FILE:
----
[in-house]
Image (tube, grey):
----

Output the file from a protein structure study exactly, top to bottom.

[in-house]
Image (tube, grey):